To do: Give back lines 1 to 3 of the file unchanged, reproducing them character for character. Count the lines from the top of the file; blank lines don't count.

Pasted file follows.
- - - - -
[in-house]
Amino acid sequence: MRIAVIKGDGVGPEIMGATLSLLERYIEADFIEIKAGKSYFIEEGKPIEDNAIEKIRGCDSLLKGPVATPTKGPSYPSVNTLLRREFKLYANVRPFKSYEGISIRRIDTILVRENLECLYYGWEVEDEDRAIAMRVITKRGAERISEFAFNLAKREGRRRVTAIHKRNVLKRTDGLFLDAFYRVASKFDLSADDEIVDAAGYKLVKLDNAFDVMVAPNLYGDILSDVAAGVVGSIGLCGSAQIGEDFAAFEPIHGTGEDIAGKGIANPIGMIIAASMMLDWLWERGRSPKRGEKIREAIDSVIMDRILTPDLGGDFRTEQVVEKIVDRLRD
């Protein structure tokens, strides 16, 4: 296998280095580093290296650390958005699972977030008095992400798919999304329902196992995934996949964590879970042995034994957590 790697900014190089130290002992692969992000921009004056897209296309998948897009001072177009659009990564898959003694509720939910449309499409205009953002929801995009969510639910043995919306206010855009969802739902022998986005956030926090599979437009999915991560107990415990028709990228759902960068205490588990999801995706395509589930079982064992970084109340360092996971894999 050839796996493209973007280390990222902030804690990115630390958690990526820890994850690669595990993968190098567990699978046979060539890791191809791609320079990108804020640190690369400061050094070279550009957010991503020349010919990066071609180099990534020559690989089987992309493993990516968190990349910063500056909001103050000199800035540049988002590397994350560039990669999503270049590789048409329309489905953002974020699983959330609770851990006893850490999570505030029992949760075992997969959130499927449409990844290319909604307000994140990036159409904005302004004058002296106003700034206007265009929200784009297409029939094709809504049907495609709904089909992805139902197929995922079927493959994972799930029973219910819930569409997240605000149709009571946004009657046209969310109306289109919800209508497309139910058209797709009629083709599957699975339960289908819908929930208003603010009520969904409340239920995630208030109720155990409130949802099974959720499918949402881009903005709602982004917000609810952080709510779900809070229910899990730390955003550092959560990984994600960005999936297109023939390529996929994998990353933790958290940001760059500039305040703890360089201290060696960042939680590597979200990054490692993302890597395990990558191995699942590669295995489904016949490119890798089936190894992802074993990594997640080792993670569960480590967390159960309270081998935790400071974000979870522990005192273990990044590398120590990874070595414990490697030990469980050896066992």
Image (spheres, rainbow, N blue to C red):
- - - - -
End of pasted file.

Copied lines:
[in-house]
Amino acid sequence: MRIAVIKGDGVGPEIMGATLSLLERYIEADFIEIKAGKSYFIEEGKPIEDNAIEKIRGCDSLLKGPVATPTKGPSYPSVNTLLRREFKLYANVRPFKSYEGISIRRIDTILVRENLECLYYGWEVEDEDRAIAMRVITKRGAERISEFAFNLAKREGRRRVTAIHKRNVLKRTDGLFLDAFYRVASKFDLSADDEIVDAAGYKLVKLDNAFDVMVAPNLYGDILSDVAAGVVGSIGLCGSAQIGEDFAAFEPIHGTGEDIAGKGIANPIGMIIAASMMLDWLWERGRSPKRGEKIREAIDSVIMDRILTPDLGGDFRTEQVVEKIVDRLRD
């Protein structure tokens, strides 16, 4: 296998280095580093290296650390958005699972977030008095992400798919999304329902196992995934996949964590879970042995034994957590 790697900014190089130290002992692969992000921009004056897209296309998948897009001072177009659009990564898959003694509720939910449309499409205009953002929801995009969510639910043995919306206010855009969802739902022998986005956030926090599979437009999915991560107990415990028709990228759902960068205490588990999801995706395509589930079982064992970084109340360092996971894999 050839796996493209973007280390990222902030804690990115630390958690990526820890994850690669595990993968190098567990699978046979060539890791191809791609320079990108804020640190690369400061050094070279550009957010991503020349010919990066071609180099990534020559690989089987992309493993990516968190990349910063500056909001103050000199800035540049988002590397994350560039990669999503270049590789048409329309489905953002974020699983959330609770851990006893850490999570505030029992949760075992997969959130499927449409990844290319909604307000994140990036159409904005302004004058002296106003700034206007265009929200784009297409029939094709809504049907495609709904089909992805139902197929995922079927493959994972799930029973219910819930569409997240605000149709009571946004009657046209969310109306289109919800209508497309139910058209797709009629083709599957699975339960289908819908929930208003603010009520969904409340239920995630208030109720155990409130949802099974959720499918949402881009903005709602982004917000609810952080709510779900809070229910899990730390955003550092959560990984994600960005999936297109023939390529996929994998990353933790958290940001760059500039305040703890360089201290060696960042939680590597979200990054490692993302890597395990990558191995699942590669295995489904016949490119890798089936190894992802074993990594997640080792993670569960480590967390159960309270081998935790400071974000979870522990005192273990990044590398120590990874070595414990490697030990469980050896066992």